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Sony hit with UK legal claim over "excessive and unfair" PlayStation Store pricing

The company is facing allegations that it "ripped off its consumers" by leveraging its dominant market position.

Sony is facing a legal challenge in the UK over the way it operates the PlayStation Store.

As spotted by the BBC, the company has been hit with allegations that it "ripped off its consumers" by using its position as a market leader to inflate the price of digital games and content on the PlayStation Store.

The legal claim is being led by consumer rights advocate Alex Neill, currently group chief executive of consumer tech organization The Resolver Group, and alleges that Sony breached competition law by imposing unfair terms on PlayStation developers and publishers -- such as a 30 percent commission on game sales -- and thereby driving up prices.

The group claim was filed at the Competition Appeal Tribunal, which describes itself as a "specialist judicial body with cross-disciplinary expertise in law, economics, business and accountancy which hears and decides cases involving competition or economic regulatory issues."

"PlayStation You Owe Us"

Notably, the opt-out collective action regime that was introduced by the Consumer Rights Act 2015 means that anybody who used the PlayStation Store to purchase digital games or in-game content in the UK on their console from August 19, 2016, will automatically be included in the claim.

Neill is being advised by law film, Milberg London LLP, and has established a website called "PlayStation You Owe Us" to document proceedings and lay out their argument in five steps (as shown below).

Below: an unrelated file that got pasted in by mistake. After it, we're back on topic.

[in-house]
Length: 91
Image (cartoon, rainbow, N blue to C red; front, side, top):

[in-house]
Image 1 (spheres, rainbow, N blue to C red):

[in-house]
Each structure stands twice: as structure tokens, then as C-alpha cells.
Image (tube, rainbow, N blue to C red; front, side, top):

Screenshot_2022-08-22_at_14.24.17.png

Adding more context, Neill suggested the shift from physical to digital sales and rising popularity of freemium mechanics like microtransactions "incentivise players to spend as much money as possible" and give platform owners like Sony even more power.

The claim is seeking up to £5 billion ($5.9 billion) in compensation for "8.9 million UK users of PlayStation," who Neill says "wouldn't stand a chance of getting redress" on their own.

"The game is up for Sony PlayStation. With this legal action I am standing up for the millions of UK people who have been unwittingly overcharged. We believe Sony has abused its position and ripped off its customers," added Neill.

"Gaming is now the biggest entertainment industry in the UK, ahead of TV, video and music and many vulnerable people rely on gaming for community and connection. The actions of Sony are costing millions of people who can’t afford it, particularly when we’re in the midst of a cost-of-living crisis and the consumer purse is being squeezed like never before."

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